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US says China forcibly tested American diplomats with anal swabs for COVID-19 detection
Photo by Luka Dakskobler/SOPA Images/LightRocket via Getty Images

US says China forcibly tested American diplomats with anal swabs for COVID-19 detection

China says the tests weren't required

The U.S. State Department says that China forced American diplomats to take invasive anal swab tests to detect COVID-19 infection, according to various reports Thursday.

China has reportedly been using anal swabbing tests to determine the coronavirus status.

What are the details?

According to the Insider, a state department representative said that the United States complained to China after it learned that staffers were subjected to the anal swab.

"The State Department never agreed to this kind of testing and protested directly to the Minister of Foreign Affairs when we learned that some staff were subject to it," the representative said.

The representative added that China also said the tests were given to American diplomats "in error" and that the diplomats were supposed to be exempt from the test.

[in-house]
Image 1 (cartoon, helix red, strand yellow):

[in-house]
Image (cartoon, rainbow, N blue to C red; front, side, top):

During a Thursday press briefing, Chinese Foreign Ministry spokesperson Zhao Lijian said, "I have checked with my colleagues. As far as I know, China has never required U.S. diplomatic staff in the country to take anal swab tests."

According to a related report from Vice, it was not immediately clear how many diplomatic employees or members of their families were made to take the tests.

Insider reported that the test involves inserting a cotton-tipped swab one to two inches into the rectum and rotating it.

In a statement, the State Department said that it is committed to preserving the "dignity" of American diplomats.

What else?

According to a Thursday report from the BBC, Li Tongzeng — a respiratory and infectious diseases expert in Beijing — said that anal swabbing can "avoid missing infections as virus traces are detectable for a longer time than the more common COVID tests used in the mouth and nose.

At the time, Li insisted that the tests were only necessary for certain populations, such as those under quarantine orders.

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